HUMAN RESOURCES- Global HR Trends: How To Stay Human In A Tech-Driven World- B-AIM PICK SELECTS

November 6, 2020

Organizations are emerging from the pandemic to more fully become social enterprises, promising workers greater belonging without compromising individuality, job security through reinvention, and new opportunities from uncertainty. Drenched in paradox that combines technology with the human experience, these were three major findings from the 2020 Deloitte Global Human Capital Trends survey of 9,000 business and human resources (HR) leaders worldwide.

“This data gives us cause for hope because it shows that the greater value comes with the fusion of technology and humanity in the world today,” said Kristin Starodub, principal at Deloitte Consulting LLP. “Organizations that embed purpose, potential, and perspective into the DNA of who they are and how they operate have the opportunity to bring a human focus to everything they touch. This will empower people to be productive with technology, creating lasting value for the workforce and the organization.”

Unlike traditional organizations, social enterprises aim to balance revenue growth and profits with support for the communities in which they exist. HR has a clear role in building worker resilience across these new enterprises for competitive business advantage.

Positive change happens when people unite for shared purpose

While employee well-being was the top ranked workforce trend in this study, most organizations haven’t taken full advantage of this opportunity. For example, 80 percent of survey respondents said that worker well-being was important or very important for company success over the next 12 to 19 months, yet only 12 percent felt ready to address that issue. In a heightened environment of rapid change, organizations need to move beyond managing employees for maximum productivity to greater adaptability. This shifts HR’s role to provide both human and technologically-driven support.

“People are actually highly adaptable to change when organizations provide them with a sense of purpose, community, and being cared for,” said Steve Hunt, chief expert, work and technology, SAP North American Innovation Office. “Organizations need to equip HR and front line managers with experience management and employee listening tools to understand workers’ experiences, as well as a suite of connected human capital management solutions that allow them to create a culture that supports people dealing with an ever accelerating pace of change.”

It’s not enough to merely ask employees questions during annual surveys. Organizations needs to ask the right questions at the right moments, using embedded analytics to understand and quickly act on what employees are experiencing. This kind of pulse-taking moves beyond anecdotal, averaged feedback to actionable insights about individual workers and their managers.

Reinvent workforce development to unleash potential

Fifty-three percent of survey respondents said that between half and all of their workforce will need to change their skills and capabilities in the next three years. Instead of anchoring business and HR strategies in what’s known about the capabilities of their existing workforce, organizations need to look ahead and find ways to develop every worker’s true potential.

“We should be cautious about building HR programs or processes that are influenced by demographic variables that employees have no control over, like age,” said Hunt. “Bias affects everyone to some degree, although it definitely hurts some groups far more than others. Bias prevents people from opportunities based on things that are irrelevant to their ability to do the actual job. Organizations need to focus on reducing bias, which means helping all people unlock their potential with new opportunities to contribute in different ways. This is critical to building a supportive, inclusive culture which enables a resilient workforce that can overcome constant disruption.”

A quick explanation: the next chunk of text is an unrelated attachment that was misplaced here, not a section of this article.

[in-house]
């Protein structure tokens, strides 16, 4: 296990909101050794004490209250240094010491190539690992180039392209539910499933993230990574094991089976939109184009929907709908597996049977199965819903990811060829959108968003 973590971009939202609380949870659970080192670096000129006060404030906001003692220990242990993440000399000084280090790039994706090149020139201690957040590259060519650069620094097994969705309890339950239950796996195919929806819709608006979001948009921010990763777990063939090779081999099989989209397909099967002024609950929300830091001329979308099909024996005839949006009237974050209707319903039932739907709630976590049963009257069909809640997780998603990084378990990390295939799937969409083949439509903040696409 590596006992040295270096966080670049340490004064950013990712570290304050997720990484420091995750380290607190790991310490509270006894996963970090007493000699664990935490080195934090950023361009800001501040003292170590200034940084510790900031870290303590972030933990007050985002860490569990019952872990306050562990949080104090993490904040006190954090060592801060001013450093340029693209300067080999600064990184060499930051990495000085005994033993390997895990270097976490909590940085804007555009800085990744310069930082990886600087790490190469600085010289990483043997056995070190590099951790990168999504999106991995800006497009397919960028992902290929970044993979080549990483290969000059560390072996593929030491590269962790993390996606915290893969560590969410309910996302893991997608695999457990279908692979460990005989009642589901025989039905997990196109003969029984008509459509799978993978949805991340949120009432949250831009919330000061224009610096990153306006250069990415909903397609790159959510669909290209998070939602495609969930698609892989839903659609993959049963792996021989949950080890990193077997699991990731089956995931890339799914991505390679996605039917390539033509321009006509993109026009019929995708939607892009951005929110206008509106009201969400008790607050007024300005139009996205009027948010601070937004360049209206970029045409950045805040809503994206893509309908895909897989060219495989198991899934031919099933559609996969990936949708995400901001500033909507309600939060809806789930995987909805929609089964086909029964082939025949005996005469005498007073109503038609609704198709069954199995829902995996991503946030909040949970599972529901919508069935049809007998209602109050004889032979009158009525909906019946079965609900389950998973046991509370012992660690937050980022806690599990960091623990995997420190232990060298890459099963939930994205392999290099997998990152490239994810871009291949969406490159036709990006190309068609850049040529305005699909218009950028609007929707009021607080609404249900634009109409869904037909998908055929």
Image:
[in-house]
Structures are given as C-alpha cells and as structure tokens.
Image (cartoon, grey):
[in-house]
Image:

Perspective: transform uncertainty with decisive action

Ethical challenges are especially pronounced at the intersection of humans and technology. Indeed, eighty-five percent of respondents in this study believed the future of work raised ethical challenges, but only 27 percent said they had clear policies and leaders in place to manage them.

Hunt saw diversity and compensation as two major ethical issues, driven by everything from social media to demands for social justice. The antidote is twofold: organizations need to be transparent about how decisions that affect people’s lives are made, and embed that approach in workplace technology.

“Companies need open, honest conversations about how much employees are paid and why. Being fairly paid is about understanding and accepting the criteria and decisions around someone’s compensation,” he said. “Transparency and dialogue are equally important when it comes to inclusiveness. We need to have these uncomfortable conversations and root them in transparency that reflects the reality of the world and what we need to do to make it better.”

Thriving in post-pandemic workplace

For CHROs, perhaps the best news from this study was that 93 percent of respondents believed HR remains a distinct and important function. HR can blend technology and humanity together, taking a leading role helping organizations and the workforce adapt to fast-changing employee and business demands. HR cannot control how much change employees face, but it can have a huge impact on people’s ability to effectively respond, positioning organizations to recover and thrive whatever the next decade brings. After all, adaptability is only human.

 

 

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